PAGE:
Reindeer trotted away from us through gentoo colonies and over deep ravines and tussock.  A few fur seals decorated tussock grass pillows with the distinctive acrid musk smell of animals approaching the breeding season, but the dominant animals on shore were the bull elephant seals and their newborn pups contact calling, feeding and basking in the warm evening light.  Elephant seal bulls rested on pillows of tussock, pups nursed, and cows jostled their neighbors.  I have often mused how unfortunate it would be to be reincarnated as an elephant seal!

The rusting remains of the whale processing station with an iceberg in the background provided some nice creative scenic shots.  Reluctantly we returned to the ship as the gentoos started popping out of the water—like corks from a bottle—as they returned, fat and glistening, from fishing trips.  On the southern headland of the bay a sinuous tongue of low cloud was seen moving in from the sea and drifting over the contours of the land.

Saturday 13 October, St. Andrews Bay
After our pleasant but full day yesterday at Grytviken and Godthul the weather gods seem to have favored us, for a bit at least.  A warning was issued to everyone that there would be an early start in order to get the “sweet light” of the early morning.  The wake-up call was made at 0500 and Zodiacs were ready to get everyone who wished to be ashore at 0530.  An initial show of hands the night before had suggested that half the passengers would be up for the early start, but nearly three-quarters of the passengers, or more, made it ashore in the first wave.  The last Zodiac also brought in packed breakfast sandwiches.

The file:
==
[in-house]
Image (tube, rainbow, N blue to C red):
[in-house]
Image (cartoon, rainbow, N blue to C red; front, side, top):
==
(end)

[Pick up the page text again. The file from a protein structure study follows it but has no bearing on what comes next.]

The weather initially was fairly dramatic, but unusually calm for St. Andrews, which made the beach landing very easy compared to what it could have been.  The clouds overhead were a mix of medium and high cumulous and, over the encircling mountains, a veil of stratus hid much of the detail.  Gradually the rising sun changed the scene from a warm orange glow to the harsher bright white light of the day.

The beach was littered with harems of female elephant seals with their beach masters keeping an eye out for possible interlopers.  Infrequently, rivals tussled or roared their defiance while less interested animals dozed, casually flicking damp sand over their bodies to help keep them cool.

Most of the massive penguin concentrations were restricted to large patches of snow or the fringes of streams where molting birds were able to keep cooler. The woolly penguin chicks were further along the beach in larger ill-defined crèches with the attendant adult “on-duty” birds.  The overall scene was overwhelming to the senses and the choice of what to photograph and where to go seemed limitless.

Chris Edwards initially walked over toward the small hut where three British Antarctic Survey personnel were encamped and climbed the steep snow slope to obtain a perspective and a panorama viewpoint.  On his return to the alluvial plain he was invited in for a cup of tea.  It was only on returning to the beach some time later, and turning around to view the scene anew, that he discovered the clouds had lifted from the mountains and the sky was almost a pure unsullied blue with only a faint banner cloud downwind of the highest peak.  Meanwhile, everyone had dispersed far and wide along the beach and into the valleys of the moraine ridges.

At 0900 hours the remaining passengers who had remained on board for a leisurely breakfast were ferried ashore to delight in the spectacle that is St. Andrews beach.
With the sun rising higher in the sky and light becoming harsher, some took the opportunity to return to the ship for lunch, but many chose to remain on the beach and soak up the atmosphere—and continue to shoot for the entire day.  From 1600 onwards there was a steady trickle of people returning to the ship and, with the setting of the sun behind the mountains around 1815, the day drew to a close.  How many gigabytes of data were acquired on that perfect day can only be guessed, but there was much downloading to be done in the evening.  Dinner was very noisy—the sign that everyone was excited at the day’s events.

Even for a veteran of so many trips to the Southern Ocean, this was certainly one of the best days there ever.

Sunday 14 October, Gold Harbor & Drygalski Fjord